S

Spewster

Enthusiast
Ok, so this question cannot be answered in a few sentences. It depends on the flop, your position and the villains position.

Lets say, villain raised from UTG and you called from the button with JTs. Flop comes T34r. Villain cbets, you call, turn comes a brick, villain checks.

In this case your TP middle kicker is good.

Lets say villain raises from UTG, you 3bet with AKo, villain calls and flop comes AQ7r. Villain bets, you raise, villain reraises.

In this instance you are probably playing against a set or two pair and you are behind.


As a general rule, you want to think about villains range preflop and how the flop hit his range. For example open raises from EP have a lot of premium hands and mid/broadway pocket pairs. If the flop comes broadway rainbow, chances are good that he hit something.

If the flop comes mid/low cards monotone or double suited, he probably missed, but either cbets his A high or his overpair.


When you have an idea how his range connects with the flop, you can make an educated guess about where you are in your range with TPTK.

The better he connected, the deeper effective stacks are and the more draws there are on the board the weaker your TPTK is.

If he did not connect well, the board is dry and effetive stacks are short, then you can fastplay TPTK.



The biggest mistake is not watching villainst position and stack size. If effective stacks are 200+BB and the board is wet (str8, flush probably paired board), your TPTK is basically a bluff catcher.
 
MatMackenz

MatMackenz

Visionary
To further clarify, I am specifically talking about times when we are met with serious aggression post-flop. Like a re-raise or check-raise situation.

Can we just always assume we are beat here and fold? Obviously it depends on the situation, but sets can be present on any board at any time.. same with two pairs.

What line should we take say if we hit TPTK on the flop against an unknown villain. We bet the flop and are met with a big re-raise... what to do now?
 
NWPatriot

NWPatriot

Rock Star
I am writing a book for my own purposes - gathering data, capturing thoughts, jotting down strategies and key learnings. One of my "chapters" is titled "PAIRS SUCK".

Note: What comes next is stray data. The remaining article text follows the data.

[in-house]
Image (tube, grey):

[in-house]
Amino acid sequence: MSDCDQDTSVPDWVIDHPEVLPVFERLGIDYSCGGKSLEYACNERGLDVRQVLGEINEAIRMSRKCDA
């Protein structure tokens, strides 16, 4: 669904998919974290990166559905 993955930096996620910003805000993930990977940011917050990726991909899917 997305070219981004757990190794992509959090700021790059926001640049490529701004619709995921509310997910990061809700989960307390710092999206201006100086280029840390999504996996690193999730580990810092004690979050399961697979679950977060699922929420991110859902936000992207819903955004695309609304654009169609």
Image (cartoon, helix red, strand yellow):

This is probably one of the reasons why Hold'em is so difficult to master. We spend most of our time with mediocre hands trying to out maneuver other people with mediocre hands. My personal rule is to never go all in with just a pair - I am too vulnerable to invisible hands like 2 pairs and 3 of a kinds. I think it is best to play them smart and play them well, but i have been knocked out of more tournaments with a pair (yes A's and K's), than with any other hand. So... if they are this fragile, why would i want to go all in with them.

Of course you can't just fold them either, because a large percentage of the time, this is all you will have (and all your opponent has also). The question is how to play them? Pot management and payer observation are keys to playing pairs.

But of course, I haven't won my first million yet...
 
copycutpaste

copycutpaste

Rock Star
Poker is a fluid game and table dynamics change a lot based on cards dealt and community cards...answering your question is nearly impossible without knowing board texture, position and pot odds etc...

If you are a good student of the game and took the role of aggressor in the hand that's all you can do...if you are playing against a calling station you are going to be beat from time to time...that's just poker variance...good luck
 
S

Spewster

Enthusiast
To further clarify, I am specifically talking about times when we are met with serious aggression post-flop. Like a re-raise or check-raise situation.

Can we just always assume we are beat here and fold? Obviously it depends on the situation, but sets can be present on any board at any time.. same with two pairs.

What line should we take say if we hit TPTK on the flop against an unknown villain. We bet the flop and are met with a big re-raise... what to do now?


What I was trying to say: You just cannot generalise that question. It depends mostly on stacksize.

If you are 300bb deep you raise AK 4bb pre from BTN and the BB, who is 50BB deep, calls. Flop comes AQ2 and BB shoves, you call of course.

But consider the same situation with the same hand and the same flop, but now BB is also 300bb deep, he checks you bet and he raises you...probably your hand is not good here. Because he knows that you know that both of you are not playing for the pot but for each players stack, he probably won't raise you with a mediocre hand. He might bluff you, but he wont raise with a weak Ace.


The deeper the stacks the bigger your hand needs to be to continue or the more outs you need. Lets say you have AdKd is suited and you hit a combo draw on the flop As Qd2d, you can call, as any A, K, any diamond will improve your hand.